As Pasco moves forward, it expects to attract more employers, the property appraiser said.
He pointed to 47-million square feet of planned development in the pipeline, and 78,500 jobs.
“We have enough pre-approved permits for 75 years’ worth of houses, so they’re coming,” Wells said.
Consideration of requests for future development in the county must take into account how the projects will affect the balance Pasco is trying to achieve, Wells said.
“Every decision we make for the next acre of land is important,” Wells said.
Apartment construction bolsters Pasco’s tax base
Wells said he’s aware the topic of multifamily development has been controversial, but he noted: “Multifamily leads the way on new construction value for 2022, as it did last year.”
He’s aware that his former colleague Pasco County Commissioner Mike Moore championed a temporary moratorium on such development.
Moore sought the temporary measure to give the county time to gather information to make sure the multifamily market isn’t being overbuilt. He warned his colleagues about the potential negative consequences in the long-term, if that happens.
The multifamily moratorium is now over, but Moore continues to push for job-generating uses, rather than apartments.
Wells said, in general, he’s not in favor of moratoriums.
“I’ve always been a proponent of the market decides — not me,” he said.
The property appraiser also noted Pasco is attracting more health care development.
“We’re seeing exciting growth, as you know in Wesley Chapel, with Orlando Health, BayCare expanding,” he said.
He also expects the county to become more competitive in attracting industrial growth.
Its access to the interstate system and to rail — along U.S. 41 and U.S. 301 — provide an advantage that not all counties enjoy, he said.
He’s particularly enthused by what lies ahead in the development of Moffitt Cancer Center’s Pasco County campus.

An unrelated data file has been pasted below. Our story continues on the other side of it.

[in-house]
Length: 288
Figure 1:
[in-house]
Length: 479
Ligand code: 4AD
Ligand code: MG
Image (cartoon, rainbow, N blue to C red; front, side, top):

Moffitt’s planned 775-acre campus, larger than the footprint of downtown Tampa, is in the heart of a developing community, which will be known as Angeline, Florida.
The scale of Angeline, which is south of State Road 52, near the Suncoast Parkway, is massive. At build out, it will have tens of thousands of residents, who will live in a community that is focused on providing the latest in technology and having an emphasis on wellness.
Plans call for the ‘city’ of Angeline include high-speed internet connectivity and an extensive trail network that will enable people to get where they want to go, without having to jump into a car.
Plans call for schools, research clinics, health care facilities, a community farm and thousands of residences, ranging from apartments to luxury homes.
Moffitt’s Pasco cancer center is expected to become home to leading-edge cancer researchers.
“This will be a global center of innovation. A huge asset to our region,” Wells said.
Pasco Top 10 properties, by value
HCA Health Services of Florida: $103,156,579
Tampa Premium Outlets: $84,376,243
Lantower Seneca Tampa LLC: $81,445,912
PAC Wiregrass Ranch LLC: $79,178.815
FRMF Odessa LLC: $71,994,778
Odessa Apartments LLC: $71,477,965
Pasco Cypress Creek DST: $62,152,747
Trinity Lakes Apartment: $61,732,459
Lantower Asturia Tampa LP: $60,055,988
Addison at Sunlake LCC: $58,377.067
Top five Pasco County taxpayers
Duke Energy Florida: $513.5 million
WREC Electric: $331.4 million
Frontier: $106.8 million
Pasco Ranch: $102.5 million
Source: Pasco County Property Appraiser Mike Wells
Published October 19, 2022